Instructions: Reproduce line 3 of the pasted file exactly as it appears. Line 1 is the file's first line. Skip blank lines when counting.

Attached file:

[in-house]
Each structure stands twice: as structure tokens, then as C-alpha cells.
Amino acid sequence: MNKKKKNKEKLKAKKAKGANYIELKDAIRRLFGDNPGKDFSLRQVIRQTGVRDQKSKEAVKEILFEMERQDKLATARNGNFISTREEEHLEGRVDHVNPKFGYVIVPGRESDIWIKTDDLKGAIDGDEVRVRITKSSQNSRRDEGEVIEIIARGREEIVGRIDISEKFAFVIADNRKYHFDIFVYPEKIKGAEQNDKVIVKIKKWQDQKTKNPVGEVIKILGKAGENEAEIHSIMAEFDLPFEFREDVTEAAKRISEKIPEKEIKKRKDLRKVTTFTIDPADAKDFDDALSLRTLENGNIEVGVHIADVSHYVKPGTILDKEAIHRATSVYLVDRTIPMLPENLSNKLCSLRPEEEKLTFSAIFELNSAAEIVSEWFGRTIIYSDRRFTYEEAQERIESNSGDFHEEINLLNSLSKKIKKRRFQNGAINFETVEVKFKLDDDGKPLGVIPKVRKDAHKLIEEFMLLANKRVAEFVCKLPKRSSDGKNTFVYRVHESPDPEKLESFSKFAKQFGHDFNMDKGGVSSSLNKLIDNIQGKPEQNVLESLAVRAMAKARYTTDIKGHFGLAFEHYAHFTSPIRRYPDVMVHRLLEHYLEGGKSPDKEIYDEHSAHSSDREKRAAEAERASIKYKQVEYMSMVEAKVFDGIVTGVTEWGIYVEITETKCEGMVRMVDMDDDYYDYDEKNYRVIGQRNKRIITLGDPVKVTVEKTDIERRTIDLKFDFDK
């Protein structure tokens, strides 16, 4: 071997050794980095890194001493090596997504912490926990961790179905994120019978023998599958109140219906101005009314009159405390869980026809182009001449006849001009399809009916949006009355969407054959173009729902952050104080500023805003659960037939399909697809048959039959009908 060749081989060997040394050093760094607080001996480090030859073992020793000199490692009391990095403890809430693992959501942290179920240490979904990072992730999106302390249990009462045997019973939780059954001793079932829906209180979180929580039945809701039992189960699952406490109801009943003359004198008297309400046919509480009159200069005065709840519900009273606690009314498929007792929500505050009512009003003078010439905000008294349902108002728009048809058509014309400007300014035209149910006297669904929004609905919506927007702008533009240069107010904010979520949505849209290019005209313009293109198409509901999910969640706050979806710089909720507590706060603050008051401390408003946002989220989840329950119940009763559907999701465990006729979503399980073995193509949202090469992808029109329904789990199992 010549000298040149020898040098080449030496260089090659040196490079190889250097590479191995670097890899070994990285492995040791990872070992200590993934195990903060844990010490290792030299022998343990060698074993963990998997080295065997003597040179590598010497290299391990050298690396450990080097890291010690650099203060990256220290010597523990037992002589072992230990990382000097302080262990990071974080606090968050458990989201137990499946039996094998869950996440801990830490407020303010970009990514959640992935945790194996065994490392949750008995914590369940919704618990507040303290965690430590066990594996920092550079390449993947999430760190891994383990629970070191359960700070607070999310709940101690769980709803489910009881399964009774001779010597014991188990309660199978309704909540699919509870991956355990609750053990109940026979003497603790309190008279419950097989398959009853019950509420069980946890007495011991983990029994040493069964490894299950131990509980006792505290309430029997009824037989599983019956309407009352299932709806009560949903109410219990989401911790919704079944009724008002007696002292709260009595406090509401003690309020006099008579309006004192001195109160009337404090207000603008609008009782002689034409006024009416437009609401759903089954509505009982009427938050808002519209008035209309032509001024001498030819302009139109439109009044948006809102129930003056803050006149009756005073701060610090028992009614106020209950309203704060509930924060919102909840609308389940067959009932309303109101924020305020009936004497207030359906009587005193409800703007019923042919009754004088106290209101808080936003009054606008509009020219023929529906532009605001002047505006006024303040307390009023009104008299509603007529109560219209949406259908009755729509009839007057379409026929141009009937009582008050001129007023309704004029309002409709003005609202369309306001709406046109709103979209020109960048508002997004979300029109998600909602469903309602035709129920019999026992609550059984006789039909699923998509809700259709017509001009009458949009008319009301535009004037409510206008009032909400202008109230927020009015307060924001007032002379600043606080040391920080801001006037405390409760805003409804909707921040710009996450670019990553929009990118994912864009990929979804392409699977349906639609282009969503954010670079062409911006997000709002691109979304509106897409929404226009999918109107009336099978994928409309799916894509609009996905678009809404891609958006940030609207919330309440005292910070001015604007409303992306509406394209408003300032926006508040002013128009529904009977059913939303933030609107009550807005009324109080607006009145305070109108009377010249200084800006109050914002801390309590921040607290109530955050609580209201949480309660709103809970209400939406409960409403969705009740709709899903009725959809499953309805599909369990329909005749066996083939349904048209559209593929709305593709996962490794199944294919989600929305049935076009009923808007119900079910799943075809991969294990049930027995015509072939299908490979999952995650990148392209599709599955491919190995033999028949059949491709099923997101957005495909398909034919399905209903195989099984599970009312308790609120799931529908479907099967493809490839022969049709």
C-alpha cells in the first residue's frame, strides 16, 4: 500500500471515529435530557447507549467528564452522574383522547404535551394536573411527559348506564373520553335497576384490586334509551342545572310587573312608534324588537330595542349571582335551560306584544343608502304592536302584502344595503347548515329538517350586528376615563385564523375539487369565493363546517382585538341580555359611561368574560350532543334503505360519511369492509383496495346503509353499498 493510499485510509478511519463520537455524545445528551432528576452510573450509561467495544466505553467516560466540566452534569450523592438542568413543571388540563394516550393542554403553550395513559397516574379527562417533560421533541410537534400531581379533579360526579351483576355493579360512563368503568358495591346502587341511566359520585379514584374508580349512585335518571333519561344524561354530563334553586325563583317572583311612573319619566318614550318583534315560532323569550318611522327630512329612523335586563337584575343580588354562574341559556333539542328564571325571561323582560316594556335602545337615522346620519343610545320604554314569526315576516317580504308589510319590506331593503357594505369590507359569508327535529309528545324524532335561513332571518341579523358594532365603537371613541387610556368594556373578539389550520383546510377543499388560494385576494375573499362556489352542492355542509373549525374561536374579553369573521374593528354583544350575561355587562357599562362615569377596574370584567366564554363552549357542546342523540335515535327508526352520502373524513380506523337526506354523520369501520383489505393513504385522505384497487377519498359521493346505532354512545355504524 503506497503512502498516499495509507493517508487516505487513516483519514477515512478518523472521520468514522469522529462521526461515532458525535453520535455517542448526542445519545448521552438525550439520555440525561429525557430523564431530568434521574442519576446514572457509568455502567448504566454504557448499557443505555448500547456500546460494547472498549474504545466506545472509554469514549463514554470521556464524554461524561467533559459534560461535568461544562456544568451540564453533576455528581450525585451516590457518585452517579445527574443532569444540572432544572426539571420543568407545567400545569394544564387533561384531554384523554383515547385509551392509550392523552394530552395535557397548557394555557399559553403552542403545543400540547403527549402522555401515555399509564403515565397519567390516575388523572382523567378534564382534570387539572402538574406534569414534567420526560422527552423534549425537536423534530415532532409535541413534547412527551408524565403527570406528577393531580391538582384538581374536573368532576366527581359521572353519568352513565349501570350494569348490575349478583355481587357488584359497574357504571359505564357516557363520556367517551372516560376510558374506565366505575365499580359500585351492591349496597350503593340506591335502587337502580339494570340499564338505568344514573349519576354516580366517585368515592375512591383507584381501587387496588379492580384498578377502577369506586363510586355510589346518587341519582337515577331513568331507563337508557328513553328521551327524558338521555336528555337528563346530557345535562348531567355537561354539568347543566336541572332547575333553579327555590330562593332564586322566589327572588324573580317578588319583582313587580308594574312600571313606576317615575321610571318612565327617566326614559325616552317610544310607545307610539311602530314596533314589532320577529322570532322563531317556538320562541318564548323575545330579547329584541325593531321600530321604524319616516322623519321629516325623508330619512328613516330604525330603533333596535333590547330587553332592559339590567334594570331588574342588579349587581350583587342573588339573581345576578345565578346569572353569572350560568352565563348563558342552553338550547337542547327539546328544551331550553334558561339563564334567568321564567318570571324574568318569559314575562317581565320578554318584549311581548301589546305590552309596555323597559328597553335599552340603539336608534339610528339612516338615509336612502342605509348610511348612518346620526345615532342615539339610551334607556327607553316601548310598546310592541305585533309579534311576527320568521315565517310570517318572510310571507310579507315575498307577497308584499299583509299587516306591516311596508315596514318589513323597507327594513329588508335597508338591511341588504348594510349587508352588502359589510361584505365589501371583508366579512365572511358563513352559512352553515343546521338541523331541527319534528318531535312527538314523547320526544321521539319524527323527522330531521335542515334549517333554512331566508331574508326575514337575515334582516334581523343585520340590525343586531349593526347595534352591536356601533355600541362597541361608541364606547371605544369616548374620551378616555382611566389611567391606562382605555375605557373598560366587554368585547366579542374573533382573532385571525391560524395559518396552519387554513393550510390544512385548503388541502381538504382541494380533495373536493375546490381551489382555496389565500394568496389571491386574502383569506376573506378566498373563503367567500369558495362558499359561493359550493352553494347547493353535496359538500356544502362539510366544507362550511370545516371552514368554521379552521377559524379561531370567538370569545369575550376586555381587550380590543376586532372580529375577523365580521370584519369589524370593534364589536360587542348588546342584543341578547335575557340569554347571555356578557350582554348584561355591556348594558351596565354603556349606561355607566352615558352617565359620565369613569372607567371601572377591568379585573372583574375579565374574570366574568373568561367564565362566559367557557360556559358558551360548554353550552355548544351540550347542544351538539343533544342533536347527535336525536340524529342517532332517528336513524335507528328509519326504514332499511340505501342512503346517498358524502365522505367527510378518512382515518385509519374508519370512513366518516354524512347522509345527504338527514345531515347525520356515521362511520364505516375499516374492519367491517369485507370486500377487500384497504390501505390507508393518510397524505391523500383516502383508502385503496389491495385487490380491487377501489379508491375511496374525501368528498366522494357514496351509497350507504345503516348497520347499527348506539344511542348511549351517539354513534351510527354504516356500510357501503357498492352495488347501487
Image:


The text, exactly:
Amino acid sequence: MNKKKKNKEKLKAKKAKGANYIELKDAIRRLFGDNPGKDFSLRQVIRQTGVRDQKSKEAVKEILFEMERQDKLATARNGNFISTREEEHLEGRVDHVNPKFGYVIVPGRESDIWIKTDDLKGAIDGDEVRVRITKSSQNSRRDEGEVIEIIARGREEIVGRIDISEKFAFVIADNRKYHFDIFVYPEKIKGAEQNDKVIVKIKKWQDQKTKNPVGEVIKILGKAGENEAEIHSIMAEFDLPFEFREDVTEAAKRISEKIPEKEIKKRKDLRKVTTFTIDPADAKDFDDALSLRTLENGNIEVGVHIADVSHYVKPGTILDKEAIHRATSVYLVDRTIPMLPENLSNKLCSLRPEEEKLTFSAIFELNSAAEIVSEWFGRTIIYSDRRFTYEEAQERIESNSGDFHEEINLLNSLSKKIKKRRFQNGAINFETVEVKFKLDDDGKPLGVIPKVRKDAHKLIEEFMLLANKRVAEFVCKLPKRSSDGKNTFVYRVHESPDPEKLESFSKFAKQFGHDFNMDKGGVSSSLNKLIDNIQGKPEQNVLESLAVRAMAKARYTTDIKGHFGLAFEHYAHFTSPIRRYPDVMVHRLLEHYLEGGKSPDKEIYDEHSAHSSDREKRAAEAERASIKYKQVEYMSMVEAKVFDGIVTGVTEWGIYVEITETKCEGMVRMVDMDDDYYDYDEKNYRVIGQRNKRIITLGDPVKVTVEKTDIERRTIDLKFDFDK